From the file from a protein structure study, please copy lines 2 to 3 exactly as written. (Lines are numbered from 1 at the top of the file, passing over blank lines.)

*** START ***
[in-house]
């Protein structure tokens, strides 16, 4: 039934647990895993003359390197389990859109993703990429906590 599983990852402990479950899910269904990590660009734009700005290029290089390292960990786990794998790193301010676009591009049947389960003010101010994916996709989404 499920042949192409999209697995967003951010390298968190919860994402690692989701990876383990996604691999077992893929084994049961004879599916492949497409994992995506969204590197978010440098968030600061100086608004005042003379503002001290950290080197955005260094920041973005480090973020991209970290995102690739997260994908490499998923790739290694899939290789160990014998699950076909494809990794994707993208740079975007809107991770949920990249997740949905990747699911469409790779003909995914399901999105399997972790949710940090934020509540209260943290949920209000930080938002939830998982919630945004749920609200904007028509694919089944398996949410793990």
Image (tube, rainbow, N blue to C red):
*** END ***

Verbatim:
């Protein structure tokens, strides 16, 4: 039934647990895993003359390197389990859109993703990429906590 599983990852402990479950899910269904990590660009734009700005290029290089390292960990786990794998790193301010676009591009049947389960003010101010994916996709989404 499920042949192409999209697995967003951010390298968190919860994402690692989701990876383990996604691999077992893929084994049961004879599916492949497409994992995506969204590197978010440098968030600061100086608004005042003379503002001290950290080197955005260094920041973005480090973020991209970290995102690739997260994908490499998923790739290694899939290789160990014998699950076909494809990794994707993208740079975007809107991770949920990249997740949905990747699911469409790779003909995914399901999105399997972790949710940090934020509540209260943290949920209000930080938002939830998982919630945004749920609200904007028509694919089944398996949410793990």
Image (tube, rainbow, N blue to C red):